Murphy’s other law: “ If mathematically you end up with the incorrect answer, try multiplying by the page number”.

Other Formulae - still in the Technical Bits

(Please move directly to Part II if it gets too heavy!)

Cash flow sign conventions
It is helpful to set a convention when dealing with positive and negative answers to financial formulae.  One convention is to assume that all payments in are negative and all payments out as positive.  You can put it the other way round but you just have to remember what a negative or positive result actually means.


Future Value
In a repayment mortgage, it is often useful to know what the capital owing will be after a set time period.  You have already met the somewhat trivial formula for calculating Future Value (fv) from Present Value (pv) assuming no repayments.  This simple calculation is: -

            fv = pv x (1 + i) n

Remember x means "multiply by". But there are usually regular payments involved and then the following general formula is more useful: -

fv = pv x (1 + i) n - pmt x (((1 + i) n) - 1) / i  --------------------- (5)

As before, this formula requires the pmt frequency to be the same as the compounding frequency so i is the fractional rate per period, n is the number of periods and pmt is the repayment per period: pmt is negative if investing.

As an example, let us take a mortgage of £50,000 over 25 years at the rate of 6% pa compounding monthly.  The monthly rate, i is then 0.06/12 = 0.005 (0.5% pm).  The period, n is 25 x 12 = 300 months.

We must first work out the repayment, if not already known, using the earlier formula (2): -

pmt = pv x  i / (1 - (1 + i) -n )

This gives 50,000 x (0.005 / (1 - (1 + 0.005) –300) = £322.15 per month.

Now suppose we wish to calculate the capital owing in five years time or 60 months.  Using formula (5) gives: -

50,000 x (1+.005) 60 - 322.15 x (((1 + .005) 60 ) - 1) /  0.005 = £44,966

That is obviously a long-winded calculation.  Clearly the use of spreadsheets is a great advantage here, as you need only enter a general-purpose formula once.  You then simply enter the variables to produce an instant answer.

If pv is zero, formula (5) simplifies to: -

fv = - pmt x (((1 + i) n) - 1) / i 

Why is the result negative?  The answer is because if there is a zero principal, any further payments will start to overpay the debt – the debt is negative.  One would normally use this formula as an investment rather than a loan.  In this case one would start with nothing (pv = 0) so: -

fv = pmt x (((1 + i) n) - 1) / i

If one invests say £100 per month at 1% per month for 12 months the resultant capital is given by: -

100 x (((1 + .01) 12) - 1) / .01 =   £1,268.25

Repayment vs Endowment
One of the false arguments often put forward to support endowment mortgages (interest-only plus an endowment policy) is to consider what happens when you move house in a few years time.  The argument goes as follows.  An endowment mortgage theoretically always finishes on the same date, which is whenever the endowment policy matures, regardless how often you move because you use the same endowment policy for each new mortgage.  So if you borrow the same amount, the monthly cost remains the same despite the new term of each new mortgage being shorter.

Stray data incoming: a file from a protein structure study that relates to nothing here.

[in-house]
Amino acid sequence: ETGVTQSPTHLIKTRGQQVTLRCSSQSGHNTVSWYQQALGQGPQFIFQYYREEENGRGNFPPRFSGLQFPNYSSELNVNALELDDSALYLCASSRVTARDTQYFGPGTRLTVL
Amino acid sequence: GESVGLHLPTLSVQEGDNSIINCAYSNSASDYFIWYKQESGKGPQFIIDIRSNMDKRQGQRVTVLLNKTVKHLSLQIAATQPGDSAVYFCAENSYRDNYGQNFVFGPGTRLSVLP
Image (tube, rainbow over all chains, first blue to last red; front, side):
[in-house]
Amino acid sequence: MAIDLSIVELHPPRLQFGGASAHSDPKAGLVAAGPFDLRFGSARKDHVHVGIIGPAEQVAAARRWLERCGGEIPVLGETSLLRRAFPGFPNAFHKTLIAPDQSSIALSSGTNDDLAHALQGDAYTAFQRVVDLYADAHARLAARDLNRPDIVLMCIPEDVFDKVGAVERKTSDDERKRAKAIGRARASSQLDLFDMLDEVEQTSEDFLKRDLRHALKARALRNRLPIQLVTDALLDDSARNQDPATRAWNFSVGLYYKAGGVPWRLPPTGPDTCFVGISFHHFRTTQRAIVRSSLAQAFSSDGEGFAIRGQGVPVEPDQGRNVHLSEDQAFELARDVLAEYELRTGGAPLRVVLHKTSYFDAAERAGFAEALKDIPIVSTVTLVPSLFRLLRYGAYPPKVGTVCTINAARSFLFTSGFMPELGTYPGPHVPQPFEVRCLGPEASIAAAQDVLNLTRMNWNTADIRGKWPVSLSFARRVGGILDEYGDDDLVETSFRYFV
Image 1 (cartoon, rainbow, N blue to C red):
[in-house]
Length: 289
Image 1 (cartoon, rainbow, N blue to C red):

This argument is quite correct so far.  But then it goes

“With a repayment mortgage, so little of the loan has been repaid in the early years that you have to borrow virtually the same amount again when you move.  So to keep the cost to the same level as before, the mortgage term then has to be the same as it was, so projecting the mortgage end-date further into the future: any shorter term would increase the monthly repayment.  But the wonderful endowment mortgage does not need extending the term to keep the cost the same!”

This argument is quite wrong, and we can see why when we apply some basic mathematics to the repayment mortgage.

Suppose you have a £50,000 bank mortgage over 25 years @ 6% pa compounding monthly, as in the last example.  We worked out that it requires a payment of £322.15 per month. 

If you then move house after say 5 years, we have already calculated the amount you have to pay to redeem the mortgage in five years time as being £44,966.  So, supposing you wanted to borrow £44,966 again but over 20 years this time to end on the same date as before – as you would with an endowment mortgage.  What is the monthly repayment?

Applying formula (2) we get: -

44,966 x (0.005 / (1 - (1 + 0.005) –240) = £322.15 per month

This is precisely the same figure you were paying before.  When you think about it is has to be so:  when you redeem, you pay back with a lump sum but an instant later, you borrow precisely the same amount again, so the schedule should not change in any way.  There is no payment difference over the new shorter term and so no term increase is required to maintain unchanged monthly costs.  What is different is that you need to borrow less each time you move with the repayment mortgage.  But now you can prove it!

Term
Given the payments and the interest rate it is possible to work back to the term (n) of the loan (pv).  The following formula uses logarithms to any base:

            n = - log(1 - pv x i / pmt) / log(1 + i) ---------------------------- (6)

So reversing the earlier bank mortgage calculation where pv is £50,000, i is .005 and the pmt is £322.15, this formula produces n = 300 months (25 years) as expected.

Present Value
Occasionally one needs to calculate the Principal (Present Value, or pv) given certain other variables.  Fortunately by rearranging the formula (5),  pv can be readily derived.  Take formula (5).

fv = pv x (1 + i) n - pmt x (((1 + i) n) - 1) / i)

By rearranging